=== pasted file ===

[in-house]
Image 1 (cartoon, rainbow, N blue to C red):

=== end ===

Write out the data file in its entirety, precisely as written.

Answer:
[in-house]
Image 1 (cartoon, rainbow, N blue to C red):